1893 November 31, Muriel Wilson took part in the Holderness Hunt, as did Kennith Wilson, though their father did not.[16]

1893 December 12, Tuesday, Muriel Wilson took part in tableaux vivants at the Newland Bazaar (details in 1893).

1894 July 20, Friday, Muriel Wilson was at a country-house party at Easton Lodge, home of the Earl and Countess of Warwick (details, including bibliographic, are in 1894).

1894 July 23, Monday, Muriel Wilson attended a ball at Stafford House (details in 1894).

1894 July 26, several members of the Wilson family, including Muriel Wilson and Mrs. Arthur Wilson, attended the wedding of Mr. Gerald Dudley Smith and Lady Barbara Coventry (details in 1894).

1894 August 18, Muriel Wilson and Hon. Gilbert (I believe) Willoughby de Eresby announce their engagement, wedding set for November sometime (details in 1894). An announcement that it had been cancelled appeared on 18 September 1894 with more discussion on 6 October 1894.

1895 January 24, Thursday, Thursday, Muriel Wilson was at the Eridge Hunt Ball (detail in 1895).

1895 January 31, Thursday, Thursday, Muriel Wilson was a bridesmaid in the wedding between Allwyn Dudley Smith and Theodocia Elizabeth Egginton [sp?] at Tranby Croft church (detail in 1895).

1895 February 1, Friday, Muriel Wilson is listed as having attended a bal poudré at Warwick Castle. Countess Warwick was dressed as Marie Antoinette. Muriel Wilson was part of the house party as well (details in 1895).

1895 June, Muriel Wilson was at the celebration for the founding of the Trafalgar Bicycle Club in South Kensington (details in June 1895).

1895 June 15, Saturday, Leicester Chronicle, Muriel Wilson’s cousin Milicent Wilson married Charles Hartopp in London on 10 June 1895, and she was present, though not a bridesmaid. The list of people who attended and also those who sent gifts suggests that Charles Henry Wilson, M.P., Milicent’s father, was very well connected.[17]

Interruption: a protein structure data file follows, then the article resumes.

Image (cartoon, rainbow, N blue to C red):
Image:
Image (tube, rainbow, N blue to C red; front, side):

1895 June 27, Thursday, Thursday, Muriel Wilson was a bridesmaid in the marriage of her brother, Mr. Kenneth Wilson, to Miss Hackett, niece of Lady Hindlip (details in 1895).

1895 July 22, Monday, Muriel Wilson was a bridesmaid in the wedding of T. E. M. Swinnerton-Pilkingten and Lady Kathleen Cuffe (details in 1895).

1895 July 25, Thursday, Thursday, Muriel Wilson and her mother attended the wedding of Mr Reginald Bernhard Loder and the Lady Margaret Hare, elder daughter of the Earl and Countess of Listowel (details in 1895).

1895 October 18, Friday, the beginning of a week-end country-house party at the house of the Earl and Countess of Warwick; this was an annual event, which the Prince of Wales and Muriel Wilson attended (details in 1895).

1895 November 29, Friday, Muriel Wilson's bicycle-riding:

"Vanity Fair," writing about ladies who cycle, says it is the fashion now to ride "high," and consequently it is necessary for a woman to leap into her saddle as she starts, instead of beginning in the older humdrum fashion. Very few are content until they can ride without touching their handles; and to show that they can do they very often ride with their hands clasped loosely behind them. Miss Muriel Wilson always makes a sensation when she rides into Hull with her hands behind her, or holding up a crimson parasol. Another fashion is for two people to ride hand in hand, and this resulted in rather an amusing accident last week.[18]